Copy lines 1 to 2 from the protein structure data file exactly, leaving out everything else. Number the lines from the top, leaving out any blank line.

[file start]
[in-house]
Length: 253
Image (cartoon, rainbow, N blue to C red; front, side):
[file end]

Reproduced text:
[in-house]
Length: 253